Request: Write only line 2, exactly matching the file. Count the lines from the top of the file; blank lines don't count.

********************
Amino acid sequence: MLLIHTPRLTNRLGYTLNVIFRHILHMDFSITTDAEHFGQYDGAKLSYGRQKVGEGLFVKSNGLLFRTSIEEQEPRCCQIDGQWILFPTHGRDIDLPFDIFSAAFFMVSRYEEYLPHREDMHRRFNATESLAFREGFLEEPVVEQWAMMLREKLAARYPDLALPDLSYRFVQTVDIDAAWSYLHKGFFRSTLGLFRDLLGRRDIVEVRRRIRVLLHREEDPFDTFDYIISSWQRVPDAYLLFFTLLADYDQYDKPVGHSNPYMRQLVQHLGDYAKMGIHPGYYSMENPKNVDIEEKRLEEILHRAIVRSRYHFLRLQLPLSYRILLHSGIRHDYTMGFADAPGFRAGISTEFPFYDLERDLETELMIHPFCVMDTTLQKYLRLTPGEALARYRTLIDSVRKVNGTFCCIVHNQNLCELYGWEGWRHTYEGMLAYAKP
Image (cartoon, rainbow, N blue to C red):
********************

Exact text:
Image (cartoon, rainbow, N blue to C red):